That’s when my prayer switches from “God lead me” to “God give me courage!”  Of course I want him to stop me if I’m wrong, correct me if I’m off course, and keep me from making a bad decision.  But when self doubt and fear come knocking on my door, I need courage to stay the course and not go running back to what is familiar and safe.  I commit my way to the Lord again and pull out his promises to strengthen my resolve.

“The steps of a Righteous Man (Woman) are ordered by God.”

“Direct my footsteps according to your word, let no sin rule over me.”

“A man’s steps are directed by the Lord.  How then can anyone understand his own way?” 

Then I breathe deeply and resolve to Keep on Keeping on until I hear differently from the one who orders my steps.

Navigating with a broken rudder- Reverse Culture Shock

Standard

Before we became missionaries I heard lot about culture shock, the emotional roller coaster ride you take when you enter a new culture.  What I didn’t hear much about was reentry shock or reverse culture shock, the emotional roller coaster ride you take when you return to your native culture.  OK, so what I did hear about reentry shock made me roll my eyes.  I heard stories about missionaries having tearful break downs in the grocery store because they couldn’t decide which salad dressing to buy (Good grief, get a grip Woman!).  I heard of missionaries forgetting their English vocabulary (seriously?!).  I heard of missionaries hiding in their houses and not wanting to talk to people (don’t be such a party pooper).  I thought, “That’s the stupidest thing I’ve ever heard of.  Why would anyone have shock coming HOME to the culture you grew up in?  That’s ridiculous.”  I mocked.  Until it happened to me.

Coming back home from Mexico for the first time, reentry shock hit me hard.  And I was horrified that I had ever made fun of it before.  It’s real.  Oh, let me tell you, it’s real!  Now I was the missionary having a melt down in the grocery store… only it was over shredded wheat, not dressing… I remember the feeling of panic rising in my heart when I entered the cereal aisle.  Oh my Gosh!  There are 6 different flavors of shredded wheat- and I’ve never tried ANY of them!  How do I know which one I like?  In the end, I couldn’t commit to a new flavor.  I walked out with an ordinary box of mini wheats because it was the safe choice.

I also remember the first 5 times I entered Walmart and walked out again without buying a single thing.  Yes, I said FIVE TIMES.  I could feel my decision making brain cells starting to sizzle.  I felt a migraine coming on.  I was totally incapable of making so many decisions at once.  I was overwhelmed by my options.  Do you remember the first time being a parent and going to buy diapers?  Do you remember standing in the diaper aisle and reading every label, comparing prices, size of package, size of child, special features?  Remember how consuming and overwhelming that was because you didn’t know which was going to be the best bargain?  Then after a while you commit to a brand and it becomes your “go to” brand.  You can tell your husband, Pick up some diapers at the store, and he knows to get the red package or the package with the puppies on it.  You don’t have to think about that decision any more.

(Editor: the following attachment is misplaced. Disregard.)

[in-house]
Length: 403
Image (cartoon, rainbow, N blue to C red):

Well, coming back into America it was like my computer had crashed and the memory had been erased.  All my “favorites” had been erased, my cache had been emptied.  I had to start from scratch and rebuild my life.  There were a lot of tears in the first few months.  I remember half way through the grocery store putting my head down on my exhausted arms resting on the handle of the cart.  I said, “I just can’t make one more decision!  Why the heck is this store so big?”  I looked at my cart and I thought about unloading everything onto the conveyor belt at the check out, then bagging it all up, then loading it back into my cart, then loading it all into my car, then bringing it all into my house, then putting it all away in my kitchen.  I was seriously tempted to abandon my cart right then and there.  I was in a full fledged reentry shock episode.

Unfortunately it didn’t stop there, and it didn’t consume just me.  My entire household was in a state of emotional upheaval and I was navigating with a broken rudder.  Now I can look back on those first few months and laugh at having to read the instructions on the gas pump or standing too close to the lady in the line in front of me or accidentally kissing my friend’s husband on the check when I greeted him or throwing my toilet paper in the garbage can or whatever loco stuff I did.  I can blame it all on reentry shock… don’t YOU roll your eyes at me!